Creating Places: A Citizen Observer's Look at Nashville's Built Environment

Writer's Note: William Williams' interest in the manmade environment dates to 1970, at which point the then-young Williams started a collection of postcards of city skylines. The collection now numbers 1,000-plus cards. Among the writer's specific interests are exterior building design, city district planning, demographics, signage, mixed-use development, mass transit and green/sustainable construction and living. Williams began his Creating Places column with The City Paper in February 2005. The column in its original form was discontinued in September 2008 and reinvented via this blog in November 2008. Creating Places can be found on the home page of the website of The City Paper, at which Williams has worked in various capacities since October 2000.

Monday, April 19, 2010

Creating Places: Nance Place

Construction of Nance Place, the "workforce housing" multi-unit rental building on Rolling Mill Hill, is now fully underway. N-Place should be an attractive building, as Nashville-based DA|AD and the local office of Moody Nolan are teaming to handle design work. Of note, MDHA is serving as developer, with the agency having been a key part of the development of three nearby residential buildings (originally meant to have been condos) on the site and that continue to sit empty and in receivership. Not to fully criticize MDHA, as the development of the aforementioned trio of buildings hit all types of snags and difficulties beyond the agency's control. But MDHA has no successful track record in developing housing other than significantly subsidized structures geared toward, put bluntly, folks living on Section 8 vouchers, unemployment checks and minimum wage. A facility similar to Nance Place —— Laurel House in the Gulch —— was developed by The Housing Fund Inc. (which is not directly related to MDHA). In short, N-Place will be MDHA's first solely developed multi-unit housing development targeting prospective residents who make $2o,000 a year or more. It's a major undertaking and one, given MDHA's limited experience in such efforts, that carries no guarantee of success.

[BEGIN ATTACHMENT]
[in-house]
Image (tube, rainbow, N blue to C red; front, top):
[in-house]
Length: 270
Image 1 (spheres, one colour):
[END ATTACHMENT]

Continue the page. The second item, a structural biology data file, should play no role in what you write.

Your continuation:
1. William, thanks for the regular updates on new projects. I have several related questions:
    1. Has the federal government bought all the property at 7th and Church for the proposed courthouse?
    2. Was the property at the corner of Demonbreun and 8th (behind the existing courthouse/kefauver buildings) considered for the new CH?
    3. If not, then why? It seems that the property at the could be utilized in such a way as to create a safety barrier (a'la the Fed Reserve Bldg in Atlanta), or even, situating the building at an angle away from the corner and streets, such that the offices and area of occupancy of the building would be farther back from the street.
    4. Does the federal government already own that site? There is a parking garage on part of that site, but a new building would allow more parking. Also that small street behind the Kefauver building would (no doubt) need to be closed-off to public traffic.

    Anyway, just my thoughts.
    Scott Payne

  2. Scott,

    Some strong questions. I'm fairly certain the Feds don't own the land bordered by Church Street/Seventh/Eighth/Commerce. For example, Josh Smith still owns the Berger Building.

    As to the other site, not sure. I recall from early 2001 when the courthouse project was announced) is that everybody wants the building to front Church (closer to law offices, for one thing).


  3. In your statement above you do not give MDHA much credit. I feel that MDHA cares about the underserved and families that have low incomes. If it wasn't for MDHA what will be people who could not afford a decent place to live do. Upper class people have nice places to rent or buy why can't lower class people be treated equally. If it was not for MDHA you probably would not have a job.